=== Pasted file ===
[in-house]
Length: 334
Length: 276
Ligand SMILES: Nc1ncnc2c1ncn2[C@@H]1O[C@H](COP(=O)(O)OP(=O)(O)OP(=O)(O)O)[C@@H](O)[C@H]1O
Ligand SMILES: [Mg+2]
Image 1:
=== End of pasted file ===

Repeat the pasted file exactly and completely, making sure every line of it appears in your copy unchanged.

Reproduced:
[in-house]
Length: 334
Length: 276
Ligand SMILES: Nc1ncnc2c1ncn2[C@@H]1O[C@H](COP(=O)(O)OP(=O)(O)OP(=O)(O)O)[C@@H](O)[C@H]1O
Ligand SMILES: [Mg+2]
Image 1: